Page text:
As always ... a pleasure doing business with you. Come again. :rolleyes:
I would rather read stereo instructions for pleasure than slog through this epileptic seizure of a post.
 
#14
I suggest that we dispense with all of your irrelevant tangents, diversions and misunderstandings, and just focus on how to execute optimal technique. tlm hits a nice ball. But, his technique is sub-optimal. He could do better. Whether or not he wants to invest the time and effort to improve his technique is another matter.
LOL ... you aren't going to like that next post. If your starting advice to TLM is "he has a arm swing" ... you are the tangent. However, if you start with "dude, I can improve your k-chaining ... do this"... now we are talking.
 
#15
I suggest that we dispense with all of your irrelevant tangents, diversions and misunderstandings, and just focus on how to execute optimal technique. tlm hits a nice ball. But, he could do better. His technique is sub-optimal. Whether or not he wants to invest the time and effort to improve his technique is another matter.
I have no doubt that my technique is sub-optimal and I want to improve it. Just not positive on what to improve first, I'm thinking that incorporating the legs and stop jerking my head off the ball would be a good place to start.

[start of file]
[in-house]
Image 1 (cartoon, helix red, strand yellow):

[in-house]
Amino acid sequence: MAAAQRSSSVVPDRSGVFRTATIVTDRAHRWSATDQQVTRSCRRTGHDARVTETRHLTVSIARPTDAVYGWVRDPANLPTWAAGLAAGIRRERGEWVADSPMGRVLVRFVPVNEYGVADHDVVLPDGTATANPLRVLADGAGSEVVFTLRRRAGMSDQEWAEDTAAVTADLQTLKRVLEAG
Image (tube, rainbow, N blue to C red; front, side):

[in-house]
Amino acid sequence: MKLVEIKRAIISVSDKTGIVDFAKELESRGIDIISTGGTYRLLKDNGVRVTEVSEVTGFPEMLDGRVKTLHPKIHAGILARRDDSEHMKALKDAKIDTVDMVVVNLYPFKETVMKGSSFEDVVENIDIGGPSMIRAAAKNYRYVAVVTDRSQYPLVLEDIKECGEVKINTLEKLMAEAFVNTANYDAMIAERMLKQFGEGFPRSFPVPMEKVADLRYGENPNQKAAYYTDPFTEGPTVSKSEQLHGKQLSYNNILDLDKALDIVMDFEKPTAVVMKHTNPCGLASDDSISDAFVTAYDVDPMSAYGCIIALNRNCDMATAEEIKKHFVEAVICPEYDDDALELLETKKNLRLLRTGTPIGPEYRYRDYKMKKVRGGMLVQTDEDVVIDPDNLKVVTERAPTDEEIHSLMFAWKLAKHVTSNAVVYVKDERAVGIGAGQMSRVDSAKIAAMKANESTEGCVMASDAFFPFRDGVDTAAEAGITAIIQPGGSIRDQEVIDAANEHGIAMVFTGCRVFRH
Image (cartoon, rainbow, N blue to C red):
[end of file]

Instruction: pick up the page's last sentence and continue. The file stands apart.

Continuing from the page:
#17
I suggest that we dispense with all of your irrelevant tangents, diversions and misunderstandings, and just focus on how to execute optimal technique. tlm hits a nice ball. But, he could do better. His technique is sub-optimal. Whether or not he wants to invest the time and effort to improve his technique is another matter.
But Limpin those are some of the things that makes byebye's posts so great.
 
#19
I have no doubt that my technique is sub-optimal and I want to improve it. Just not positive on what to improve first, I'm thinking that incorporating the legs and stop jerking my head off the ball would be a good place to start.
I've given you my advice. If you don't agree with it, that's your prerogative.

PS: If you start by focusing on initiating your forward swing with hip rotation, and maintain a loose, relaxed grip and arm(s), the rest will (should), fall into place.